Next, let's look at realized volatility (aka historical volatility) across the five tiers of market capitalization and ascertain whether small caps stocks actually move more than their larger cap counterparts.
As you can see in the image below, our hypothesis is once again confirmed - small cap stocks do move with greater historical volatility than larger cap companies. The slide below illustrates the average implied volatility (IV) of each tier, as well as the average realized volatility (RV) of each tier:
Once again, the data can't be disputed. The options of small cap stocks are more expensive than large cap stocks, and also tend to move more (on average) - meaning the added cost is justified.
Now we can take the analysis one step further, and compare the average volatility overstatement (difference between IV and RV) in the five different tiers of companies in the S&P 500 (parsed by size of market capitalization).
Therefore, the average volatility overstatement (calculated as IV - RV) in each tier is as follows:
Taking all of the data that we've examined so far into account, we can now highlight some important takeaways.
First, we can see that the options of small cap companies are more expensive than their larger cap counterparts. However, based on the actual movement experienced by each respective tier, the net difference between the price of the options and the actual value of the options (i.e. the premium overstatement), there seems to be some amiss in the small cap value proposition.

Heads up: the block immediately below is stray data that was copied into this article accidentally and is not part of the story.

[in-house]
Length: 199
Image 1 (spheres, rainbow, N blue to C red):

As we can see in the above bullet points, it doesn’t look like premium sellers of small cap stocks are being offered enough incentive (i.e. extra premium) for taking on the heightened risks associated with small cap companies. In fact, referencing the data above, the premium overstatement in large cap stocks is actually higher than small cap stocks, meaning this tier offers greater safety (theoretically) and greater potential reward.
This research is extremely insightful, and should assist volatility traders going forward when evaluating potential opportunities in the single stock universe.
Due to the importance of this research, we hope you'll take the time to review the complete episode of Options Jive when your schedule allows. Traders seeking more information on this topic may find a previous installment of Market Measures dovetails extremely well with the information presented in this blog post.
If you have any questions on market capitalization, or any other trading topic, don't hesitate to contact us at your convenience at firstname.lastname@example.org, or by leaving a message in the space below.
We look forward to hearing from you!
Sage Anderson has an extensive background trading equity derivatives and managing volatility-based portfolios. He has traded hundreds of thousands of contracts across the spectrum of industries in the single-stock universe.
Options involve risk and are not suitable for all investors. Please read Characteristics and Risks of Standardized Options before deciding to invest in options.